Why carriers are excited about what MGAs are offering in the programs sector
Experimentation and an entrepreneurial ethos is key for this type of product
According to Jonah Lipin (pictured), the chief product officer at Specialty Program Group (SPG), carriers are enthusiastic about how MGAs have transformed their internal workings to speak a similar language when dealing with business.
“There’s a lot of excitement with the sophistication that a lot of MGAs are now bringing into the market,” he said.
“They are building resources around actuarial claims management, everything that a large carrier would bring to the table as well as services to their individual specialty underwriters to help them manage and understand their books.”
It should be the main priority that insurance companies across the spectrum find greater alignment to make these partnerships long-term and agreeable.
“We have to all be on the same page on where we want the product to go and what we want it to look like,” Lipin added.
“The more that you can match resources across the organizations, from the carrier and capacity side to the MGA side, the better that relationship is going to be in the long term.”
During an interview with Insurance Business at this year’s Target Markets in Arizona, Lipin spoke about why thorough and comprehensive data is necessary to tackle challenges in today’s market. He also discussed how the rise of the Metaverse may complicate the insurance market while also allowing for new innovations.
“We need to do a better job with data across the industry”
When speaking about current threats in the market, Lipin noted that, for the most part, they are similar to what has been witnessed over the past couple of years.
“Nat cat property, coastal Florida property, those continue to be problematic,” he said.
“Luckily, it looks like we’re having somewhat of a mild season here and so, hopefully, that will open up some reinsurance capacity in the future for that business.”
While there may be cautious optimism in that regard, Lipin admitted that from a data analytics perspective, there is a lot more that needs to be done.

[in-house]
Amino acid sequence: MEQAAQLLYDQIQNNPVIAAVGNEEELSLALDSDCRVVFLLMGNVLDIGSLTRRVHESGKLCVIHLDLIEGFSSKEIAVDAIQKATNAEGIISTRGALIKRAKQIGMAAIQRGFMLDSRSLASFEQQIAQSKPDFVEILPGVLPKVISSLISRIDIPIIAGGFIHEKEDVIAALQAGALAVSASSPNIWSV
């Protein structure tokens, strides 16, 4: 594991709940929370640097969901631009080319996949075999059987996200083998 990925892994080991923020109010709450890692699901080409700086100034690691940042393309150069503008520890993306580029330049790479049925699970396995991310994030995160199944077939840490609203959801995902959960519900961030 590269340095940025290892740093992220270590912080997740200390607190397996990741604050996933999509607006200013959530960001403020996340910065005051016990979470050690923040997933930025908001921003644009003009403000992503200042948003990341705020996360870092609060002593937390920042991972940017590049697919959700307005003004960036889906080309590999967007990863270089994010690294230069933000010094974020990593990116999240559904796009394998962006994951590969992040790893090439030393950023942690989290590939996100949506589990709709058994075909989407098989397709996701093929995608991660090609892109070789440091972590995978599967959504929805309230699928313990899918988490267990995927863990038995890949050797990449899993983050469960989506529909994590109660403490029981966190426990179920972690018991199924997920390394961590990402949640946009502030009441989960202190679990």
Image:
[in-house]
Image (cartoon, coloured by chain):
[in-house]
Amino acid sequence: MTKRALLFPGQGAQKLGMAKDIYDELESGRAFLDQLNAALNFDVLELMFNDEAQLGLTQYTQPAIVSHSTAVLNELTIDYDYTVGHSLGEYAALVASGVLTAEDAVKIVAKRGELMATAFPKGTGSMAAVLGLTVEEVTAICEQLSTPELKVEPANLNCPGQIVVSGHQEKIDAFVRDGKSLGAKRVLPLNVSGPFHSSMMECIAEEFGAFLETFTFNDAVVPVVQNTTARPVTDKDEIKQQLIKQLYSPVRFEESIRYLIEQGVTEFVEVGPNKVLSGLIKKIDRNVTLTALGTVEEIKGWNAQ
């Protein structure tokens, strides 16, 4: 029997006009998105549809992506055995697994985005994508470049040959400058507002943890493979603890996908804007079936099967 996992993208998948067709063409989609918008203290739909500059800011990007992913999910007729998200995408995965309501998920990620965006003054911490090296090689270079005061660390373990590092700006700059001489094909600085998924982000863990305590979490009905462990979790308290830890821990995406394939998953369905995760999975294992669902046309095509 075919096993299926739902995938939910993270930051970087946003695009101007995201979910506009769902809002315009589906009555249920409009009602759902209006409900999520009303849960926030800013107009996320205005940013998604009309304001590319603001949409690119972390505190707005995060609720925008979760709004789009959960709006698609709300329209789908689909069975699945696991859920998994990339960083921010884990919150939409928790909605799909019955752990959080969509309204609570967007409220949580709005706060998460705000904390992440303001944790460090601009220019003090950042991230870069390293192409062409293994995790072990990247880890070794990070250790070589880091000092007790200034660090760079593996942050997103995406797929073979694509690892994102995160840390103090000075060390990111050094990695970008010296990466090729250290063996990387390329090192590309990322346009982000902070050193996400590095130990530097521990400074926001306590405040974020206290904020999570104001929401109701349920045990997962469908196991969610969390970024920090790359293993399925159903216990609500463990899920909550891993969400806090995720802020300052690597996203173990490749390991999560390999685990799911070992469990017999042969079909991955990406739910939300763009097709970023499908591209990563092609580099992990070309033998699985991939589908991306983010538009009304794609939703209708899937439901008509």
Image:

“We need to do a better job with data across the industry,” he said.
He specifically pointed out how retail brokers would benefit the most from an understanding of large data to help illustrate their clients’ unique concerns to create tailored products that fulfill their needs.
This could create a new frontier in the industry, as the top players are able to have a better handle of data from a premium loss and customer exposure perspective.
“They’re going to be the winners in the future,” Lipin said.
“They’re going to be the ones that identify where those needs are emerging, which coverages are and aren’t needed, and what’s going on.”
Highlighting the challenges and opportunities of the Metaverse
Looking to the future of the programs sector, Lipin is curious to see how a widespread adoption of the Metaverse will impact companies and the products they offer as they stretch to intangible assets.
“There are real assets inside these virtual worlds that people are spending real money on,” he said.
“Some of these platforms are creating models that are kind of chaos based, where things that happen in real life can happen on the platform, including storms, hurricanes and other natural disasters.”
With this in mind, there will come a time that carriers, underwriters and MGAs have to think seriously about creating a product that can mitigate risk or help a customer recover in the aftermath of a virtual loss event.
“At the end of the day, if people are spending real money to buy these assets, like the best virtual home on whatever platform, they’re going to want an experience that’s real,” Lipin said.
“We’re not there just yet, but anywhere there is meaningful assets and unpredictable events that can affect those assets, insurance is needed.”
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